Just two days after little Harry Kirkman was born, his parents realised that something was not right.
After being assessed by a midwife, he was rushed to the neo-natal intensive care unit (Nicu) at the Royal United Hospital, where he was diagnosed with group B streptococcus meningitis.
For the next three weeks his parents Matthew Kirkman and Charlotte Deegan, who live in Melksham and also have two-year-old Callum, had to anxiously wait to see whether their tiny son would pull through.
Miss Deegan said: “I felt like my world was coming to an end. When the results came back and they told me he had meningitis I just remember calling my mum sobbing and to this day I don’t know where I was when I made that call.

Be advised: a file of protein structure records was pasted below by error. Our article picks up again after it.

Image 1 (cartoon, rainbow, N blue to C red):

“All I remember is sobbing down the phone and feeling like the world was ending.”
During Harry’s stay in Bath the family noticed that one of the £60,000 transport incubators he was using had been donated by the Forever Friends Appeal with the support of Bath Rugby.
And now he is doing well and is back home with his family they decided they want to show their gratitude for all the fundraising efforts which have helped the Nicu.
Charlotte took Harry along to the Big Ted event at the RUH and introduced him to the three Bath Rugby players to thank them directly for the fundraising the team had done.
His family also wrote a letter to club chief executive Nick Blofeld, in the words of Harry, saying: “I for one, and I’m sure many others, will now have an opportunity to live life to the full, grow up strong and enjoy my family and all the hugs and kisses I get.
“Once again, my family and I are all eternally grateful and can only thank you for being part of a prayer answered. Your efforts did, and do, make a difference to people’s lives.”